Rural Health

We work with you to promote policy that makes health insurance affordable for small businesses, entrepreneurs and family farmers and ranchers and to ensure policy supports small town doctors, clinics and hospitals.

Rural people have less access to health networks and health care providers, greater rates of disability and chronic diseases, and higher use of all public health care programs. Because of high rates of self-employment and small business employment, rural Americans have lower rates of employer-provided benefits. We're more likely to be underinsured or uninsured for longer periods of time. The 50 million people in rural America are most in need of health care system reform. And we have much to contribute to any reform debate.

Health care is also a major barrier to rural economic development that creates genuine opportunity and reduces poverty. Micro-enterprise and small business development is the most effective path in many communities for low and moderate-income rural people to pull themselves out of poverty. But if small entrepreneurs cannot gain affordable access to health care for themselves or their employees, that path is blocked. Any hope of building genuine economic opportunity for struggling rural Americans through entrepreneurship must be accompanied by reforming the health care system in a way that benefits both small business owners and their employees.

For more information on how the Affordable Care Act will work for you, your business or your community visit this page.

Get Covered Calculator: Estimate Your Costs - calculate your estimated monthly health insurance cost.
Healthcare Exchange Calculator in Spanish - from the Kaiser Family Foundation website.

Rural Health Notes

 

Addressing Obesity in Nebraska’s Youth: Water Consumption in Schools

Due to the time young people spend there, schools are a natural location for proactive, cost-effective interventions to reduce obesity. Policy options to do so include more access to no-cost drinking water, education, promotion of water as a substitute for sugary beverages, and inclusion of water fountains and/or water bottle filling stations in new school buildings.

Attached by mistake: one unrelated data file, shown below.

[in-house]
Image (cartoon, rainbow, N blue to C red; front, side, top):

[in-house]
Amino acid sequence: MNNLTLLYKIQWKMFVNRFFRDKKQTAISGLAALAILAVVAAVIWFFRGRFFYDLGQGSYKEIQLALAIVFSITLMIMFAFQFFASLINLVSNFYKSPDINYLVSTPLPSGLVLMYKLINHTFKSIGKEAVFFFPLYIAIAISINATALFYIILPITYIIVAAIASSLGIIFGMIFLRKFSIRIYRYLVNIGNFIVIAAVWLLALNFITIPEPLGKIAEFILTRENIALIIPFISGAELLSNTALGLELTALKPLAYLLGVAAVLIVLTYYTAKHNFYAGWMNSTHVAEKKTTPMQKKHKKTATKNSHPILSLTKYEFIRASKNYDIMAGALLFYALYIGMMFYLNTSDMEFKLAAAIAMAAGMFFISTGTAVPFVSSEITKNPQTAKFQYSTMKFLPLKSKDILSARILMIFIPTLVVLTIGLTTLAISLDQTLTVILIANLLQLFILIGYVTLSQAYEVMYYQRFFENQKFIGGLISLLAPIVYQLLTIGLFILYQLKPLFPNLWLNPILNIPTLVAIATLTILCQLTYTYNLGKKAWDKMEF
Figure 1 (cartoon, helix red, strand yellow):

File attachments: 

More Than A Smile: An Examination of Rural Dental Health Care in Nebraska

Dental health is essential to overall health. 

Affecting not only physical but mental and emotional well-being, oral health is a critical and complex issue that spans beyond straight teeth and a white smile. While many oral conditions are preventable and treatable if diagnosed early, millions of Americans lack access to preventative services and treatments. These barriers to dental care access are multifaceted, and are often exacerbated for rural residents.

File attachments: 

Nebraska Unicameral Update - Jan. 28

Today is day 13 of the Nebraska Legislature’s “short,” 60 day session. The 10 day bill introduction window ended on Jan 23. The Legislature is tentatively scheduled to adjourn on April 23, 2020.

Each of the 482 new bills introduced during the second year of the biennium will be heard before one of 14 standing committees between now and Feb 27. There are also 481 carryover bills from 2019 that may be voted out of committee and/or brought to the floor for debate.

Addressing obesity through school water access

We all know water is essential for life, but the sufficient consumption of water also has long-term health benefits. Increased water consumption has been found to reduce levels of dental decay, positively impact cognition, improve overall eating and physical activity habits, and reduce the risks for obesity.

In Nebraska, where the rate of obesity for high school students and adults both fall in the top quarter of all states, an increase in the consumption of water could help not only waistlines, but the state’s bottom line when it comes to health care costs.

Let your voice be heard by submitting a comment on Medicaid expansion

Judy Sandeen wasn’t planning on testifying when she walked into the Kearney Public Library last fall for the second of four public hearings on the implementation of Medicaid expansion in Nebraska.

But, as she signed in, the Hastings, Nebraska, resident, thought about her friend, Todd Ruhter.

“I thought ‘well, why not?’ because this was a huge thing that happened with Todd,” Judy said.

Todd had long fought for the Medicaid expansion, often traveling from Grand Island to Lincoln to speak with Nebraska lawmakers, despite being very ill.